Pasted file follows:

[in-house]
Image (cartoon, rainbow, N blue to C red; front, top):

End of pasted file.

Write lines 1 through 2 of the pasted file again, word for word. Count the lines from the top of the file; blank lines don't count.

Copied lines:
[in-house]
Image (cartoon, rainbow, N blue to C red; front, top):